In the ancient world and in biblical literature trumpets were used to call people to attention whether that meant to bring them into an assembly or raise an alarm. We read something of the purpose of trumpet blowing in Numbers 10:1-10. Bowls were used in the Old Testament for mixing wine, for carrying blood or oil (in connection with the sacrificial system). They’d put, let’s say, wine or oil or incense in a bowl and would pour it out unto the Lord as an offering. Of course bowls were used for everyday purposes as well but in Revelation the stress is on activity in which God is involved so we’re to see a temple, sacrificial setting.
The trumpets and bowls in Revelation introduce us to plagues that follow on the line of the plagues on Egypt. They are more intense than the plagues on Egypt and here and there you find an added element or two. If you read Exodus 7—10 you’ll get the central thrust and function of the plagues mentioned in the book of Revelation.
John uses quite a bit of OT plague material but he uses only as much of it as he wishes. In the OT Egypt refused to recognize Yahweh (Exodus 3:19-20 and 7:5) and persecuted the People of God and God sent plagues on them bot to appeal to them and punish them. You’ll recall that each plague was a warning (a trumpet blast, so to speak) calling Egypt to obey God and let his People go free. In the book of Revelation Rome persecutes the People of God (and half the world) and God sends plagues on them both to warn and punish them (see Revelation 8:20-21). Like Egypt Rome will not pay attention so the full wrath of God is outpoured (the image is of bowls full of plague being emptied on the Empire).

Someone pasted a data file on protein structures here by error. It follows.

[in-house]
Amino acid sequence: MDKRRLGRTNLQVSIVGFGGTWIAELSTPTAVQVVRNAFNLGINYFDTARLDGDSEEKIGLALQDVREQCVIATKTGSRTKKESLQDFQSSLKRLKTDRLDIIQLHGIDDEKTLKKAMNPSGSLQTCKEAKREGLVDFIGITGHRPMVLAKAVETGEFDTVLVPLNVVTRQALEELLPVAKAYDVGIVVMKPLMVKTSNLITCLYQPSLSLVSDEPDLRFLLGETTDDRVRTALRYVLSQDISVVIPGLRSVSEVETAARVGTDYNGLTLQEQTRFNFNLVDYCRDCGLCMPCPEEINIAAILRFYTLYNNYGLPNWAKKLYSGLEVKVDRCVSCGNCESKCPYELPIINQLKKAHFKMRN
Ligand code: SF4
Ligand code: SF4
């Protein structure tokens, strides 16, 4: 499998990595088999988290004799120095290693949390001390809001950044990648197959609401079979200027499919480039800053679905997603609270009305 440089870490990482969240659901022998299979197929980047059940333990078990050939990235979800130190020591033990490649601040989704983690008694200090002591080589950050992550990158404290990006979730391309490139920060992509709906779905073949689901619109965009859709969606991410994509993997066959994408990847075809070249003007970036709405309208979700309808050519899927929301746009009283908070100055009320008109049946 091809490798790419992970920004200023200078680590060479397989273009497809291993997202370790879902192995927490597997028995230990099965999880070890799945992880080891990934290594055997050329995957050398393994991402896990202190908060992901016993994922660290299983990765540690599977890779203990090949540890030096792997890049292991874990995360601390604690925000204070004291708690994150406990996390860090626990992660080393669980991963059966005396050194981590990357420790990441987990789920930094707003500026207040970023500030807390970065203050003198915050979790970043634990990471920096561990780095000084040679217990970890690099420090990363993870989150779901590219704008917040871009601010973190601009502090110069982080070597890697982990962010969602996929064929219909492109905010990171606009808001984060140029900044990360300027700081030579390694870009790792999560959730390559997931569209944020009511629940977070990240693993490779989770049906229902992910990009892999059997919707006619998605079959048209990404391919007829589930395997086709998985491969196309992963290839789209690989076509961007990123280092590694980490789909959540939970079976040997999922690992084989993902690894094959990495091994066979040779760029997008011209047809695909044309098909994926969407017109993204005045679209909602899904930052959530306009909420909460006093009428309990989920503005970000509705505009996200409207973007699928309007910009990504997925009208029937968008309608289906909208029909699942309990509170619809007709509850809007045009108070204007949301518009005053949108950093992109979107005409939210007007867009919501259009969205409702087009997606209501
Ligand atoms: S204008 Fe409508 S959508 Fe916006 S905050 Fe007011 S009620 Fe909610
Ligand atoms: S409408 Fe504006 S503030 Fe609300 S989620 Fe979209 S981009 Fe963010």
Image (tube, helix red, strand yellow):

In both Exodus and revelation we hear of water turned to blood, terrible locusts and body ulcers, of darkness and lightning and thunder and incredible hailstorms. Notice too that despite the limited punishments the oppressors will not repent and acknowledge God or his People (Exodus 8:15,19 and Revelation 9:20 and 16:9 illustrate the point).
When you read of trumpets and outpoured bowls think, "These are plagues on Rome just as there were plagues on Egypt." In Exodus the plagues were actual events while in Revelation they are images that carry the same message. God is against Rome as surely as he was against Egypt. You can see simply by reading Revelation that the plagues aren’t literal events.
Measuring the temple (11:1-2)
Biblical characters measured things to separate them from what isn’t measured. There’s nothing strange about this. We do it all the time with things from wallpaper, to curtains to room-sizes and on and on. We measure 12 feet by 12 feet and say "that’s the bedroom" and then 10 feet by 12 and say "that’s the kitchen." Measuring is part of the process of separating and giving something special significance. Ezekiel 40—48 is one long measuring experience for the prophet because he watches a man measuring everything he comes across (40:2-3). In 42:20 we’re told that the sanctuary area had a walled and measured square. It was measured "to separate the holy from the common." Measuring it made it different from the other areas that were not measured or were made distinct.